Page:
Market Updates | 3rd September 2021

The pandemic is accelerating the pace of change right across the professional services sector, amplifying pre-crisis trends as well as triggering entirely new ones. We’ll be keeping tabs on these over the coming months: We’ll be reporting back on what clients are telling us and how we see different segments of the professional services sector perform, as well as highlighting emerging opportunities and challenges. As always, we’ll be taking a fact-based approach. Our market sizing data comes from our unique model of the professional services sector, with more than $1tn of revenues broken down by sector, geography, and capability. Our forecasts are constantly updated to reflect the latest market data we have available from firms and their clients. Client data comes from our rolling programme of quantitative research and interviews.

Trying to solve the consulting industry’s value problem

Across much of the consulting industry, there’s a renewed focus right now on the question of value.

This isn’t a new problem: For as long as we’ve been analysing clients’ perceptions of the consulting firms they work with, the “value-quality gap” has been a consistent feature of the industry. Clients, are, on the whole, positive about the quality of work delivered by their consultants; they believe that their project teams are staffed with smart, capable individuals who put hard work into creating high-quality deliverables. Those same clients, however, are more sceptical when it comes to whether that work is generating a positive return on investment. In our latest data only 43% of clients felt they could confidently say that the value generated by their consulting projects measurably outstripped the cost put into them.

This does not mean that the majority of clients think that value is being destroyed by their consulting engagements. Rather, it suggests that most clients have a transactional view of consulting. They see it as a necessary cost of doing business—a service where the value you get out corresponds on a one-to-one basis with the resources you put in.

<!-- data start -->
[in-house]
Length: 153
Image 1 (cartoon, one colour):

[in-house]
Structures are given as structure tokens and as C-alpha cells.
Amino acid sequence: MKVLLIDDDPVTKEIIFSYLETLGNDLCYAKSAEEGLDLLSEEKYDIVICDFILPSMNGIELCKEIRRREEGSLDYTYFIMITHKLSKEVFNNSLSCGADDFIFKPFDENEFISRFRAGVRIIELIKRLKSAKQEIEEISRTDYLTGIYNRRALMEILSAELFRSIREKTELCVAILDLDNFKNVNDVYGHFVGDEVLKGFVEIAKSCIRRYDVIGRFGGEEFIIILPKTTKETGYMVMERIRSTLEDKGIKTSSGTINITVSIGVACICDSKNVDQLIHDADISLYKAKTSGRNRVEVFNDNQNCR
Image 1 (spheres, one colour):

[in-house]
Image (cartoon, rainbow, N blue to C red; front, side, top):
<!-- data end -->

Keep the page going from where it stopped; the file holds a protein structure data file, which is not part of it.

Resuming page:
Although this issue is not a new one, the need for consultants to address it has become more acute over the past 18 months. As a result of the pandemic, it’s now harder than it’s ever been for consulting firms to break into new accounts. Clients have responded to the uncertainty of COVID by showing a stronger preference to buy exclusively from incumbent service providers; 68% say that, since the onset of the pandemic, they’ve become less likely to buy services from firms they don’t already have a relationship with.

This poses a problem for consulting firms of all sizes, but especially smaller firms that don’t already have large, established client bases from which to generate revenue. To overcome the incumbency advantage that has been entrenched by the pandemic, consultants will have to find a way of setting themselves apart from the crowd. One of the most effective ways that a firm can do that is by creating a clear and compelling narrative about the ability of its consultants to create stakeholder value.

To create those kinds of narratives, consultants will need to develop a more precise definition of what value means in the context of the consulting industry. This definition should not be monolithic in nature; each client has their own understanding of what value means, which reflects the different reasons that drive them to purchase consulting services in the first place.